Lawrence Eagleburger on North Korea Missile Crisis

This is a partial transcript of "The Big Story With John Gibson," July 5, 2006, that has been edited for clarity.

JULIE BANDERAS, GUEST HOST: So we asked Americans out there in a recent FOX News/Opinion Dynamics poll if you think the U.S. will eventually have to take military action against North Korea. Well, 46 percent of those polled said they believe America will; 40 percent don't think we'll have to.

Let's ask Lawrence Eagleburger what he thinks. He's a former secretary of state under the first President Bush.

Secretary, thank you for being here.


BANDERAS: You just heard Eric Shawn's report. Sources tell him a Chapter 7 resolution is expected to be circulated to the U.N. Security Council. That would open the way for a possible military response. What's your prediction?

EAGLEBURGER: My prediction? Oh, boy. I know what I think they should do. Whether we'll do it or not is another question.

I guess my prediction is that this will go on long enough until at some point we finally wake up to the fact that the North Koreans have a weapon that they can plop into the middle of Chicago, potentially with a nuclear weapon on its end, and we will then decide we have to do something military.

That is my prediction, but it's a prediction out of frustration, in the sense that neither we nor the international community seem to be able to do anything at this stage other than run around passing resolutions or not passing resolutions after we have said that this is an unacceptable thing for the North Koreans to do. Now we are accepting it, I gather.

I'm not saying we need to bomb them tomorrow morning, but it doesn't look like anything is going to happen.

BANDERAS: OK, with no resolution then, seven missiles have already been launched. What are we doing? What are we waiting for? They've probably got more up their sleeves. What do we do to prevent them from continuing this behavior?

EAGLEBURGER: Well, again, I think that the real issue here is not just the one or two or 10 that they may shoot, but rather is the international community at some point going to come to grips with the fact that we simply cannot tolerate this kind of approach from North Korea, from Iran, from any other of these states who have no sense of responsibility at all.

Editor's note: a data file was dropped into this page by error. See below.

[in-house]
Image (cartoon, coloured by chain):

Personally, I think the president is going to have to do something quite imaginative before we're going to be able to get much in the way of support from other countries. I, for instance, wonder whether it wouldn't make sense for him to offer total and complete inspection of all our nuclear facilities, if others would do it, and then follow from that to arguing that states such as North Korea cannot be permitted to continue to have these weapons.

BANDERAS: You know, and Eric just pointed it out, we've been down this road before. We've been trying diplomacy with Iran. So far it hasn't worked. They continue to enrich Uranium.

The former Defense Secretary William Perry urged the Bush administration in the past to destroy the Taepodong missile on the launching pad. We never did and now we've got another one. They tried it in 1998; they did it again today. The administration rejected that.

How long are we going to continue to reject this sort of advice?

EAGLEBURGER: We're going to continue to object to it or reject it so long as there are some who are going to go, and they will work some justice, say, if we do this, they'll invade South Korea, or we'll begin another war. They now have these weapon. We must be much more careful than in the past.

My point being that whatever it is we say today, in objection to doing anything, we'll have to say in spades five years from now. When will we wake up to the fact that this is a regime that does not intend under any circumstances to give up its nuclear weapons and its means of delivery. And we can talk about diplomacy all we want, but if we know they're never going to agree, what good is it?

BANDERAS: If they didn't do it with Clinton back in 1994, what makes you think they're going to do it now with us?

EAGLEBURGER: I have no belief whatsoever that they'll ever agree to give up their nuclear weapons and, therefore, any diplomacy we may try is simply going to be a kabuki dance where, in the end, they'll get something and we'll get nothing.

BANDERAS: All right. Secretary Lawrence Eagleburger, thank you so much.

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